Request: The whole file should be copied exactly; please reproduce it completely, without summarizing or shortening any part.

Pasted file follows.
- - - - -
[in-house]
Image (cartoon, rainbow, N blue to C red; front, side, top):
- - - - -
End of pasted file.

[in-house]
Image (cartoon, rainbow, N blue to C red; front, side, top):